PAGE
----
China’s yuan weakened against the dollar on Tuesday after the central bank set the midpoint at its lowest level in more than four years for the second day, and traders anticipated the currency will fall further.
“The yuan was trading narrowly intraday, as the authorities appeared to want to control the pace of its depreciation,” said a dealer at a foreign bank in Shanghai.
The yuan has edged down around 100 pips at the open every day in the past week, but then some state-owned banks would start to offer dollars, she added, leading to the currency to move within a narrow range intraday.
The People’s Bank of China (PBOC) set its official midpoint rate at 6.4559 per dollar prior to the market open on Tuesday, its weakest level since July 2011, and 0.1 percent weaker than the previous fix of 6.4495. It has weakened for seven consecutive sessions.
In the spot market, the yuan opened at 6.4640 per dollar and hit 6.4691 in early trade, the weakest intraday level since mid-July 2011. By midday it was changing hands at 6.4667, 0.08 percent weaker than the previous close.
The PBOC said on Friday that it had begun publishing a yuan exchange rate weighted against a basket of currencies, a move that will eventually loosen the Chinese currency’s link to the greenback and will let the yuan weaken further.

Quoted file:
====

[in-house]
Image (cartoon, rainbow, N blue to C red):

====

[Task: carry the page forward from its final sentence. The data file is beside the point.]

This yuan index covers 13 currencies, with the dollar given a weighting of 26.4 percent, the euro 21.39 percent and the Japanese yen 14.68 percent.
On Tuesday, the yuan was trading against the euro at 7.1148, weaker than the previous close of 7.0806, and was nearly flat against the yen at 5.3397. Offshore, the yuan was trading 1.30 percent weaker than the onshore spot at 6.5491 per dollar.
Chinese leaders, meeting ahead of an agenda-setting conference, pledged on Monday to keep the country’s economic growth in a “reasonable range” in 2016 by expanding domestic demand and making supply-side improvements. Beijing has been struggling to reach its economic growth target of around 7 percent this year, despite a raft of policy easing steps in recent months.